Deduction is even evident in highly inductive approaches such as classic grounded theory, where “deduction and verification are the servants of emergence” (Heath & Crowley, 2004, p. 144). Despite recognizing that this theory overplays its inductive elements, Strauss and Corbin perpetuate the myth in their own version of grounded theory—QDA—that theory can “emerge from the data” (Strauss & Corbin, 1998, p. 12). Seldom can researchers initially and temporarily put aside their prior knowledge, beliefs, and full range of everyday, conscious experience; keep an open mind; and let data speak for themselves. Indeed, QDA emphasizes deductive reasoning by using predetermined categories (such as conditions, context, and consequences) to cluster open codes (that can be integrated with a core category to produce a theory). Over time, however, QDA has become more inductive by requiring ongoing data comparisons to facilitate the development of theory.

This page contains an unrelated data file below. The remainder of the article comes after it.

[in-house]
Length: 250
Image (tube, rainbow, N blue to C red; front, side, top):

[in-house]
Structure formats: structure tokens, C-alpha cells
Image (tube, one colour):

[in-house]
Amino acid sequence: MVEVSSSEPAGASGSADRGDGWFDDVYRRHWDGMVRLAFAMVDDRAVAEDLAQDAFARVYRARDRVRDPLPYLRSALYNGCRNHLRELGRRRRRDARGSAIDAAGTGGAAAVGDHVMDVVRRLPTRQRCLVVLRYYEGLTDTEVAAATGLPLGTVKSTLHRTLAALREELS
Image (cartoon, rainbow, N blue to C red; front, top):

Having suggested why qualitative research is mainly inductive but also tends to involve analogical and deductive reasoning, I now want to consider the collection of data around which such reasoning takes place. There is a tendency to typify qualitative data collection as involving naturalistic observation and semi-structured or unstructured interviews that pose open questions as part of a dialogue. This dialogue is more than “a tool of inquiry . . . [and signifies] a wholly engaged encounter” that aims to be caring, democratic, and—by giving voice to interviewees—emancipatory (Kuntz & Presnall, 2012, p. 733). Students are generally further taught to avoid “problematic” interviewing practices such as asking closed—and, in particular, leading—questions (Ezzy, 2010).